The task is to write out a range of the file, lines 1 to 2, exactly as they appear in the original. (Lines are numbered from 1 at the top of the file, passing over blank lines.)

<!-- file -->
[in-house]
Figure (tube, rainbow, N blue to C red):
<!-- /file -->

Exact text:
[in-house]
Figure (tube, rainbow, N blue to C red):